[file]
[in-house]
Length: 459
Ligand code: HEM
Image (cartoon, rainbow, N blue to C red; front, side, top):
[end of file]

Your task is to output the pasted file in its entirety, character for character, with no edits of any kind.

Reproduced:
[in-house]
Length: 459
Ligand code: HEM
Image (cartoon, rainbow, N blue to C red; front, side, top):